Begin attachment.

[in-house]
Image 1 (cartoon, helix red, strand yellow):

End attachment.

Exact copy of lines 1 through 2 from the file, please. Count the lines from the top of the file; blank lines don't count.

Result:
[in-house]
Image 1 (cartoon, helix red, strand yellow):